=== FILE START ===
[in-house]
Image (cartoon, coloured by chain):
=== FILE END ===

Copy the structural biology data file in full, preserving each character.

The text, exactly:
[in-house]
Image (cartoon, coloured by chain):